We live in an era of social media, and when it comes to sports, video highlights have taken over in the last couple of years. Living in a fast-paced environment allows for that type of content to be accessible and extremely popular when the NBA fans don't have the time to watch games in real-time. That has led to a generation of fans who are fans of the league but rarely watch games and solely rely on short 5 to 10 minutes highlights for each game or their favorite players. Watching brief highlights can't tell you much about the game and how certain things on the court are executed, and the specific elements that enable players and teams to achieve certain things.
Damian Lillard is one of the current NBA players who is frustrated because so many people claim to be experts but don't know a lot about the game. He went to his Twitter account, in which he criticized people who don't watch games but present themselves as someone knowledgeable about the game.
As someone that watches A LOT of NBA games … not just highlights and box scores.. it's obvious that so many ppl who speak on the game don't really watch.
Damian Lillard, via Twitter
Interestingly enough, Bradley Beal retweeted his comment, saying box score fans are the worst implying there are too many fans who based their opinions exclusively on stats. We all know looking at stats is not even half of the story and that there are players whose impact can't be seen in the stat sheet, but they are essential for their team success.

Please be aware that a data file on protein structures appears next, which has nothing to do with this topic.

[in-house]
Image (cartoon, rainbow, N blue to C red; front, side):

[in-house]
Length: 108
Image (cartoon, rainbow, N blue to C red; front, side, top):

I have to agree with everything Beal and Lillard said, and it's true the majority of people only watch highlights and base their opinion on watching NBA 10-15 minutes per day. The blame also lies within the league. The fact games last for at least 2 hours with too many breaks and living in a generation where everything is face-paced, creating a situation where people no longer have time to dedicate 3 hours per day to watch basketball. There are too many basketball 'experts' out there who have no clue about the game but have the platform to share their opinions even though they are not in any way knowledgeable about what makes a great player.